Adding essential oils to the bath is one of my favorite things. Baths, in general, are amongst my favorite things for relaxation and improving my mood after a long day.
A good, leisurely soak is just about the perfect combination of self-care and wellness. Baths have been used for centuries for their health benefits like reducing stress and increasing circulation, as well as alleviating muscle aches and improving the health of your skin.
Essential oils in the bath? Here’s what you need to know
If you’ve added essential oils to your bath, chances are you’ve made a few errors. During my essential oil courses, I realized I was doing it all wrong! I’m especially cautious with adding essential oils in the bath because it can impact your whole body—red, irritated skin ruins the entire experience pretty quickly.
These tips will help you get the most out of your oils without experiencing any unpleasant reactions.
Do not add essential oils directly to the water
We all know that oil and water don’t mix. So if you pour essential oils directly into the bath, the drops will just float around on the top of the water. When you get into the bath, they come in contact with your skin and are essentially undiluted, which can sting and cause irritation.
The Tisserand Institute, the expert in using essential oils safely, recommends mixing 5–20 drops (1–4% dilution) of essential oil into 1 tablespoon of a carrier oil like apricot kernel, grapeseed, jojoba, or sweet almond. Again, the oil won’t dissolve in the bath but will float on the surface of the water. You can go ahead and rub those drops into your skin because the essential oils have been diluted into the carrier oil. Just be careful because things can get slippery!
Want a bubble bath? You can also dilute essential oils in liquid foaming products like castile soap, body wash, or shampoo.
Things that don’t dilute essential oils:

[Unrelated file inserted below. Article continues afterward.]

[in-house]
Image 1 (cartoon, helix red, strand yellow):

- Epsom salt
- Baking soda
- Aloe gel
All of these are water-soluble, which means they will dissolve in the bath, leaving the essential oils to float around undiluted.
When making bath salts, add your essential oils to a carrier oil first. Then stir that into your salt concoction. This way, as the salt dissolves in the water, your essential oils won’t be floating around undiluted.
Even better, use an emulsifier
How do you get essential oils to actually mix with the bath water itself? Use an emulsifier. One option is Polysorbate 20, a mild surfactant derived from coconut oil’s lauric acid. It’s used to emulsify oils, specifically fragrance or essential oils, into water.
To use Polysorbate 20, stir together a 1:1 ratio of emulsifier and essential oil. If you’re super patient, you can wait a couple of hours to see if there is any separation. If there is, add a bit more emulsifier. Then add to your water-based products or salts.
Don’t use oils that can irritate the skin
As much as we love essential oils, there are some that don’t belong in the tub. Avoid essential oils that can irritate the skin or mucous membranes. This includes basil, lemongrass, oregano, thyme, nutmeg, peppermint, cinnamon, clove, black pepper, and bay.
Mix up the perfect blend
Honestly, with endless essential oil combinations, it can be intimidating. Starting with your bath goal in mind helps narrow down your choices. Are you stressed? Sore from a tough workout? Having trouble with insomnia? These easy blend recipe suggestions from Essential Glow will get you started. Just remember, your nose knows you best, so choose the scents that appeal to you and don’t get hung up on having the ‘right’ oil.
Add essential oils last
The time to add your oils is after the bath is full, and you’re in it. Don’t add the oils while the water is running, or their lovely scents will evaporate before you get into the tub. If you’re combining your essential oils with a carrier oil, another option is to slather the diluted EO mixture all over your body before you get in the tub. You’ll get the benefits of absorbing the oils and enjoy the fragrance.
This post was medically reviewed by Dr. Holly Smith, a board-certified physician in nephrology and internal medicine with a background in nutrition. Learn more about Hello Glow’s medical review board here. As always, this is not personal medical advice, and we recommend that you talk with your doctor.43